In one embodiment, the present invention provides a hollow bowling pin which is predominantly plastic. The bowling pin includes a rigid hollow plastic body, preferably thermoplastic which has a thin structure, e.g. of metal, secured thereto interiorly. The exterior rigid plastic body includes at least one horizontal joint formed from a horizontal band of fused plastic, e.g. melted and reset thermoplastic, material which integrally joins adjacent portionss of the hollow plastic body. The interior structure is sufficiently thin to be collapsed by normal molding pressures for the plastic material of the plastic body. The structure terminates, or includes a joint, adjacent or at the joint of fused plastic material so that the juncture between two adjacent pin portions extends through the outer plastic body and the inner structure. The interiorly disposed structure functions as a liner on the inner surface of the plastic structural member and is configurated for withdrawal from a mandrel, e.g. by having an inner diameter along its length no greater than any inner diameter thereof closer to one open end of the liner such as an open end of the liner disposed adjacent the juncture.
Referring first to FIGURES 13, various pin forms are illustrated. The pins, indicated generally by reference numerals 11, 21 and 31, are formed from portions or segments indicated by reference numerals 12a and 12 22a and 22b, 32a, 32b and 320. The pin and each of i s segments has a plastic structural member or shell 13, 23 or 33. A thin metal liner, such as indicated by reference numerals 14, 24 and 34, is disposed within one or more of the pin segments. The plastic shells, where backed by liners, may be bonded thereto by adherence of plastic to the liner surface by injection molding at a fusion or melting temperature of the plastic and at elevated molding pressure. The liner preferably overlaps the next adjacent liner portion or the plastic structural member of the next adjacent pin segment and backs each joint between pin portions as indicated by reference numerals 14a, 24a and 34a. Where the liner overlaps the liner of the next adjacent section it provides a double liner thickness adjacent the joint. The joints between the plastic shells of the pin are illustrated in the form of plastic welds at 13a, 23a, and 33a, such as may be formed by fusing thermoplastic materials.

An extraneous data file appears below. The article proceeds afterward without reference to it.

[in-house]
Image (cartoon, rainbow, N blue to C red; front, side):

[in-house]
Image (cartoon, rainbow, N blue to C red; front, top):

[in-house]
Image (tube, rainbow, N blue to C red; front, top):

The pins of FIGURES l and 3 each include a top opening 15 or 35 which receives and has secured therein a plastic top plug or cap member 16 or 36. Each pin of FIGURES 1 and 2 includes a bottom opening 17 or 27 which receives and has secured therein a base member 18 or 28. In FIGURE 2 the pin top is closed by an integral extension of a thin layer of shell 23 and liner 4 thereover. In FIGURE 3, the pin bottom is enclosed by an integral extension of liner 34 and a thick layer of shell 33 to form the pin base.
The plastic structure is of a rigid plastic material, preferably thermoplastic, such as a high density linear ethylene copolymer. The liner members, which are present on the interior of one or more of the pin portions, are thin rigid materials of sheet thickness, e.g. metal of mere thin sheet thickness such as a thin mild low carbon steel material having a thickness of about .035". The material may be produced as spun metal in the configuration of the liner by metal spinning fabrication methods well known in the art. Other useful lining materials will be evident to those in the art, including, by way of example, other steel alloys, aluminum, etc. Other plastic shell materials may also be used, as will be apparent to those in the art, e.g. acrylonitrile-butadiene styrene copolymer, high impact polystyrene, etc.
In a preferred form, the metal liner has secured thereto, adjacent the joint between adjacent pin portions and on either side of the joint, an annular outwardly projecting ridge member as illustrated in the form of an annular wire loop 41 which is secured to the liner by tack welds shown 42. The annular ridge 41 functions to retain the thermoplastic material adjacent the joint during formation of the joint by fusion bonding while the thermoplastic material is in its fluid state, as will be more apparent with respect to the description of a method of forming the pin hereinbelow.
The method of making bowling pins in accordance herewith generally includes the formation of separate transverse sections of the bowling pin and thereafter joining the sections at a generally horizontal or transverse joint. Accordingly, a plurality of pin sections or portions are formed by molding a body of plastic in a mold having a central mandrel member which is withdrawn upon completion of the molding operation. At least one of the pin sections includes a sheet metal sleeve or liner member supported by the mandrel during the molding operation. Where sections are molded to exclude the liner, the mandrel may be coated with a suitable release compound, e.g. wax. After forming the individual pin portions, the pin portions are joined together in vertical disposition with respect to each other to form a complete pin, such as may be accomplished with conventional spin weld tech- Ill ues.
Iurning now to FIGURES 4 and 5, there is illustrated a mold half 45 and a centering rod 46 centered within the mold cavity by means of bores 47. Although only one mold half 45 is illustrated in each figure, it is to be understood that two mirror-image halves are used for molding the pin and the two mold halves may be disposed face-to-face defining a mold cavity of bowling p n configuration with centering rod 46 centrally disposed 1n the cavity and held in position within bores 47. Suitable clamps or other means (not shown) may be used to hold the mold halves together against injection molding pressures.